How many times have you caught yourself clicking through the Facebook profile pictures of a “friend” (whom you’ve never met) at 1:37 a.m., and getting at least a teeny bit jealous because they seem to be living a much more exciting life than you, full of better looking people and more money?
And they’re always on vacation. Dear God! Why are all their pictures from vacations?
Who’s giving out these cruises????
Seeing this type of stuff used to bother me for three reasons:
First, I felt like I was “behind” for my age. At 24, I had close friends who were moving up the corporate ladder quickly and making what I thought was big money. Other friends were doing really cool, exciting work getting doctorates or professional degrees.
I didn’t want either of those, but I couldn’t help feeling like a dweeb talking to them sometimes — I even vented about it in an open letter.
When they asked me what I was doing, all I could really tell them was that I was still working at the restaurant and trying to “figure things out.”
Second, I felt like nobody had my back. I knew I wanted to start my own business(es), but I didn’t have any mentors to give me solid advice or a step-by-step action plan. I didn’t have anybody close to me who knew the ropes and could help me if I fell down. I wanted someone to tell me “do this, then do that.”
Unlike the corporate world or graduate school, there are really no guidelines or “best practices” for entrepreneurship. You pretty much have to figure it out yourself. That’s why it’s so scary.
Third and last, I felt like I was in a vacuum. I was really the only person I knew in “real life” who wanted to be an entrepreneur. All the people at the places I worked at…they just wanted to clock in….day after day.
I wanted to meet other people like me. People who were driven to get more from their lives and really wanted to create something new.
People I could bounce ideas off of and wouldn’t make me feel “weird” for wanting to brainstorm or talk about personal development. I always knew that if I was able to fill my entire life with the type of people that I wanted to be like, success was pretty much guaranteed.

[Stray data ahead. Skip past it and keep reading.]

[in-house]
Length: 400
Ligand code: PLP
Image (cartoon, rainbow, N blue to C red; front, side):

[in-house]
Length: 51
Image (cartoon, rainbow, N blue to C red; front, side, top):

Here is how I got over the jealousy. For the past four years, I’ve hustled to connect with other entrepreneurs who are doing amazing work. I’ve gone out of my way to build mentorship relationships with startup founders, millionaires and high-performers in all fields.
Because I was sick of feeling jealous of people who are doing well. I realized that if I wanted to become one of them, I had to do whatever it took to get into their peer group.
And I did. But It definitely didn’t happen overnight. There’s a process you have to learn when approaching successful people. (Here’s the exact strategy I’ve used to develop authentic relationships with influencers.) But I worked at it, and when I was finally able to cultivate a sizable community of super-high-value people around me, I noticed something incredible: it was almost impossible to fail.
If I had a question, doubt or fear, there was an established community of people around me who actually wanted to help me. If I didn’t know which way to turn, there was a mentor on speed dial for almost any problem I encountered.
Above everything else, there was a new level of expectation put on me by those I had surrounded myself with. They just expected me to be doing well, and I didn’t want to let them down. Turns out I had the makings of an entrepreneur in me all along.
Building that community of friends and mentors was the ultimate tool to kick my progress into warp speed, and probably the biggest reason I was able to move from a day job to self-employment so quickly.
This piece originally appeared on Entrepreneur.com.
For more on success, watch this Fortune video:
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Richard Branson’s Guide to Finding a Mentor
Here’s Why Your Envy-Inducing Facebook Feed Is All Just a Big Fat Lie (Video)